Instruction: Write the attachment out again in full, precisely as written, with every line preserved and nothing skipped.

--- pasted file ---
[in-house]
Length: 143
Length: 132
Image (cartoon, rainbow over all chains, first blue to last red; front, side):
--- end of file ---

[in-house]
Length: 143
Length: 132
Image (cartoon, rainbow over all chains, first blue to last red; front, side):